Season 1 ē Episode 10 - November 29, 2022
Ever wonder why we use holly in our
holiday decorating? What is the story behind kissing
under the mistletoe? Ryan and Judy covered the reasons
why we use specific plants during the holidays.
Christmas trees are a staple in just about every home
during the holiday season. Though there are references
to evergreen trees going back thousands of years,
Egyptians, Romans and Druids in Northern Europe all
brought various cut green boughs and trees inside to
mark the solstice and the light (and life) returning to
the earth, The current traditions were starting to be
established in the late 1400s. The symbol of an
evergreen tree represents rebirth, long life and
strength. This is because it maintains its green color
during the longest and coldest winters. Decorating
became popular with Queen Victoria and started with
fruit and candles. Now we use mass-produced ornaments
and lights. The angel at the top of the tree reminds us
of the good news of Jesusí birth.
Christmas trees are not only festive for bringing green
indoors, they also bring green to local Christmas tree
farms in the form of cash, According to Oregon Christmas
Tree Growers, Oregon grows more Christmas trees than any
other state in the country. It grows 31% of the United
Statesí Christmas trees. There are more than 1,000 farms
that grow the trees. Oregon sold over 4.5 million trees
in 2017. Oregon grown Christmas trees were worth 107
million dollars in 2020. The counties that grow the most
are Benton, Clackamas, Marion, Polk, Yamhill, and Linn.
They are all on the western side of the state, The top
producing states are Oregon, North Carolina, Michigan,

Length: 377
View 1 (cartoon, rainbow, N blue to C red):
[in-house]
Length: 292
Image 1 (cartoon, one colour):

Pennsylvania, and Wisconsin.
Christmas trees dry out quickly if you donít water them,
Be sure to give your tree a new, fresh cut after you
purchase it. Then get it into a large reservoir of water
as soon as you can, A 6 foot tree can use up to a gallon
of water or more every day. Make sure that the tree
doesnít run out of water or the trunk will seal up and
then it cannot take in any more water. Use warm water
when you first get your tree in the stand. This will
help loosen any sap and allow the tree to take up water.
Donít use bleach, aspirin, sugar or sugary sodas in the
water. None of these help the tree and some may cause a
bacterial growth in the water.
Wreaths are patterned along the same traditions as
Christmas trees. Their evergreen color represents
rebirth, and new life during the cold winter months. It
was only natural that wreaths were added to the greenery
of the holiday season. Their circular shape also
represents infinity, with no beginning and no end, a
reference to Christianity and everlasting life.
You can buy the traditional wreath at your local garden
center or at your local tree lot. (Side note: if you
live in the Portland, Oregon area, check out the Boy
Scout lot in downtown Lake Oswego, Oregon at George
Rodgers park, where Ryanís troop has a sales lot set up
and you can get wreaths and trees.) Or, you can buy a
dried wreath that you may be able to leave up long after
the holidays are over.
Many wreaths can be treated with an anti-transpirant to
keep it from drying out.
Wilt Stop from Bonide is a great product for that.
Be sure to read the instructions and watch for dropped
needles which will indicate when your wreath needs to be
removed from your home.
Mistletoe has a history as well. It has various meanings
that include fertility, immortality and love. The
ancient druids and Vikings are credited with worshiping
this parasitic plant for its everlasting color and life
during the cold winters. Once again, these meanings are
due to the fact that it stays evergreen in the winter.
Of course the best meaning involved kissing. In proper
English society you could not kiss your spouse-to-be in
public. During the holidays you could kiss under the
mistletoe, but you had to remove a white berry every
time you did. Naturally, twigs with lots of berries were
Mistletoe is toxic and so you should be careful if the
leaves and berries drop off. That may be a sign that you
need to get your kisses in quick and then remove the
dried plant from your home.
Hollyís origins are based on both Christian and
non-Christian traditions. In one tradition, the holly